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Publication numberUS6363559 B1
Publication typeGrant
Application numberUS 09/641,744
Publication dateApr 2, 2002
Filing dateAug 18, 2000
Priority dateAug 18, 1999
Fee statusLapsed
Publication number09641744, 641744, US 6363559 B1, US 6363559B1, US-B1-6363559, US6363559 B1, US6363559B1
InventorsDonald C. Saxon
Original AssigneeWarmkraft, Inc.
Export CitationBiBTeX, EndNote, RefMan
External Links: USPTO, USPTO Assignment, Espacenet
Massage motor mounting assembly
US 6363559 B1
Abstract
A mount for locating a motor assembly within a coil spring assembly. The spring assembly has at least one coil with a helical portion which defines an inner circumference between first and second ends of the helix and a generally planar, circular portion that is attached at an end of the helix. The mount comprises an upper plate dimensioned to overlie the circular portion. The upper plate has a central aperture which opens into a dependent tubular housing. The tubular housing has an exterior circumference less than the inner circumference defined by the helical portion of the spring and an inner circumference dimensioned to receive the motor assembly therein.
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Claims(10)
What is claimed is:
1. A mount for locating a motor assembly within a coil spring having a helical portion which defines an inner circumference between first and second ends of the helix and a generally planar, circular portion, having a larger circumference than the inner circumference, that is attached at an end of the helix, the mount comprising:
an upper plate dimensioned to overlie the circular portion and having a central aperture which opens into a dependent tubular housing, the tubular housing having an exterior circumference less than the inner circumference defined by the helical portion of the spring and an inner circumference dimensioned to receive the motor assembly therein.
2. The mount of claim 1 wherein the housing has tapered walls which are configured to support the motor assembly.
3. The mount of claim 1 wherein the upper plate and the housing are manufactured from a rigid material.
4. The mount of claim 1 wherein at least a portion of the housing is encased in a soft layer.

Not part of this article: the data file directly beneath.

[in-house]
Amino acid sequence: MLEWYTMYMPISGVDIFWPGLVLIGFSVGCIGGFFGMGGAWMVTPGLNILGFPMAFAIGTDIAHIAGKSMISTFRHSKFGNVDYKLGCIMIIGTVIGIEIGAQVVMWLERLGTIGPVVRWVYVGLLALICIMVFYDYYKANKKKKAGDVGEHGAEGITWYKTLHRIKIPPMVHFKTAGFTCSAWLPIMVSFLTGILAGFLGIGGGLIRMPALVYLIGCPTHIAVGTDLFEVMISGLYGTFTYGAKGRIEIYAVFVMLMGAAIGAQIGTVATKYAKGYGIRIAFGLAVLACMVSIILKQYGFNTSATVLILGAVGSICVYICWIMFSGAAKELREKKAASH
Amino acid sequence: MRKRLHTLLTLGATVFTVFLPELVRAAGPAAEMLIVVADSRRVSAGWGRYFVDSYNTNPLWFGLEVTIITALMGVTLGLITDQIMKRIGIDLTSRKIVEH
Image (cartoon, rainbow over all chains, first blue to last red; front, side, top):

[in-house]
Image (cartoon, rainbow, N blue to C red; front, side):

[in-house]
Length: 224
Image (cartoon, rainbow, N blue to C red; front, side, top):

5. The mount of claim 4 wherein the soft layer is formed of plastic.
6. The mount of claim 4 wherein the soft layer is formed of rubber.
7. The mount of claim 1 wherein the upper plate has at least one securing aperture extending therethrough and positioned in general alignment with the circular portion.
8. The mount of claim 7 wherein a securing member is extended through the securing aperture to secure the mount to the coil spring.
9. The mount of claim 7 further comprising a cap plate which is removably securable to the upper plate and configured to cover the central aperture and the securing aperture.
10. The mount of claim 1 further comprising a cap plate which is removably securable to the upper plate.
Description

This application claims the benefit of U.S. Provisional Application No. 60/149,650 filed Aug. 18, 1999, now expired.

BACKGROUND

The present invention relates generally to a housing for mounting a vibratory motor within a coil spring. The present invention relates more specifically to mounting a vibratory motor within the coil springs of a mattress or pad intended to support one or more individuals. The present invention relates most specifically to a housing for mounting a vibratory motor within a coil spring of a mattress or a pad without modification of any individual spring or the spring arrangement within the mattress or pad.

Efforts to provide a massage or vibratory component to a mattress or support pad are well known in the art. For instance, see U.S. Pat. No. 26,346 (Kamp); U.S. Pat. No. 1,784,082 (Webb); U.S. Pat. No. 2,715,901 (Blake); U.S. Pat. No. 2,808,827 (O'Hara); U.S. Pat. No. 2,951,478 (Tompkins); U.S. Pat. No. 2,980,108 ( Scott); U.S. Pat. No. 3,035,572 (Houghtaling); U.S. Pat. No. 3,048,168 (Kamp); U.S. Pat. No. 3,194,522 (Azneer); 3,235,891 (Chade et al.); U.S. Pat. No. 3,279,461 (Oliver); U.S. Pat. No. 3,311,935 (Petty); U.S. Pat. No. 3,732,860 (Thurmers); U.S. Pat. No. 4,544,867 (Jones); U.S. Pat. No. 4,565,188 (Hardie); U.S. Pat. No. 4,748,972 (Hasegawa); U.S. Pat. No. 5,007,410 (DeLaney); U.S. Pat. No. 5,076,260 (Komatsu); U.S. Pat. No. 5,437,607 (Taylor).

The present invention provides a simple housing which is inserted within a coil spring to surround the vibratory motor and suspend it within the spring. The housing also provides a means for its attachment to a spring within the assembly.

SUMMARY

The present invention relates to a mount for locating a motor assembly within a coil spring assembly. A coil spring within the assembly has a helical portion which defines an inner circumference between first and second ends of the helix and a generally planar, circular portion, having a larger circumference than the inner circumference, that is attached at an end of the helix. The mount comprises an upper plate dimensioned to overlie the circular portion. The upper plate has a central aperture which opens into a dependent tubular housing. The tubular housing has an exterior circumference less than the inner circumference defined by the helical portion of the spring and an inner circumference dimensioned to hold the motor assembly therein.

BRIEF DESCRIPTION OF THE DRAWINGS

FIG. 1 is a top plan view of a vibratory motor mount in accordance with the invention with a vibratory motor assembly therein.

FIG. 2 is a section view along line 22 in FIG. 1.